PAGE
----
The future of the left since 1884

Crying wolf

Fabian conspiracies can be put into two categories: those that claim the society want to dominate the world, and those that believe it is already successfully doing so, writes Vanesha Singh.

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Opinion

Who are the Fabian Society? This, I imagine, is the question on the lips of everyone  unfamiliar with us, until Ben Carson’s accusation this weekend that we are fuelling allegations of sexual assault against Brett Kavanaugh (President Donald Trump’s nominee to the Supreme Court) as part of an elaborate plan to take over America. I recommend you keep your wits about you as you try to find out more about us: steer far enough away from our website and you’re likely to stumble upon a number of blogs, threads and YouTube videos titled “beware of the Fabian Society”, “the truth about the Fabian Society”, “the Fabian Society EXPOSED” and so on.

Because in truth, there are a lot of people posting online about the society’s supposedly nefarious intentions – although our ‘socialist plot to take over America’ is certainly the first of its kind to be peddled by a senior US politician – read into that what you will. Welcome to the world of Fabian conspiracy theories …

As an overview, most Fabian conspiracies have right-wing undertones. They tend to be backed by very few facts and are fuelled, instead, by a staunch opposition to socialism. Note how Carson refers to the fact we are a ‘centuries-old socialist group’ trying to destroy American institutions. More widely, this disdain for a socialist society then results in the claim that the Fabians are, for instance, “working to destroy Western civilisation”.

Largely, Fabian conspiracies can be put into two categories: those that claim the society want to dominate the world, and those that believe it is already successfully doing so. The latter, in my opinion, are much more fascinating. Here, the society is described as a powerful global actor that ‘captured’ and now ‘controls’ not only the Labour party, but the entirety of British society – with a particularly strong hold over the working classes.

Websites also lay out, in immense detail, how the Fabian Society influences multinational corporations, or how it represents the financial interests of global institutions such as the United Nations. Needless to say, despite some fairly busy periods, this is considerably more dramatic than any day I’ve had at Petty France so far.

And yet, there is one key detail that seems to fuel this suspicion and paranoia the most: the society’s original coat of arms, the wolf in sheep’s clothing. Featured on George Bernard Shaw’s famous Fabian Window, the emblem has given the society a somewhat sinister reputation to those on the outside.

Though it hasn’t been used for many decades, the original coat of arms was intended to symbolise the society’s rejection of violent revolution in favour of cautious, evolutionary change. The wolf in sheep’s clothing was therefore a metaphor for gradually advancing socialism. Yet, many see it as proof that the Fabians are concealing a dark agenda and ‘deadly intentions’ whilst fronting as an ‘harmless institution’. As one website reads, it is “chillingly clear that the Fabian Society is a devious, subversive organisation”.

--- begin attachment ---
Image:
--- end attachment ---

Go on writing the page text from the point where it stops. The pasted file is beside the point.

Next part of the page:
Another site claims the society’s objective is to manipulate “education, culture, the economy, the legal system and even medicine and religion”. And a third is convinced that  our ultimate goal is world governance. Quite impressive, if you consider the size of the staff team.

Conspiracists also regularly tie the Fabian Society to other organisations shrouded in mystery and mistrust. American right-wing conspiracy theorist Fritz Springmeier, for example, claims that the Fabian Society is, in fact, ‘a prominent member of the Illuminati’.

Another very popular theory is that the Fabian Society – like the Freemasons – has several secret levels of initiation with ‘an inner Fabian elite’. According to this theory, most people involved in the society actually “have no idea of its true agenda” and are just “a front for the fraud at the heart of the organisation” – sorry, members.

Topping them all is the claim that the Fabian Society works in close contact with the Windsor family, who, together, are “trying to take control of world government”. If this is true, I do hope the Queen caught our debate at this year’s summer conference on whether the monarchy should be abolished.

While it is easy to make light of all these conspiracy theories, there is a more serious side worth considering. For claims to stick, they must be plausible; there needs to be proof that the dots being connected do actually connect. So theorists research intently to find ‘reliable’ evidence. They quote from history books on Fabianism, or from the diaries and biographies of the society’s founders. And worryingly, by doing so, their claims often appear convincing.

The theorists extrapolate from information found on the society’s own website: that we once had 200 members sitting in the House of Commons, is turned into evidence that we “write Labour’s policy statements, manifestos and party programmes”, for instance. Facts can be manipulated to suit warped versions of the truth.

But most dangerous of all is that these conspiracy theories are going unchallenged, and are even reinforced – not only by a community of people who believe them – but now by a senior US politician.

For a long time we’ve ignored these conspiracies, but calling them out was certainly overdue. Then again, if you don’t hear from me after this, do some digging.

Vanesha Singh

Vanesha Singh is the Editorial Officer at the Fabian Society.

@_vaneshasingh

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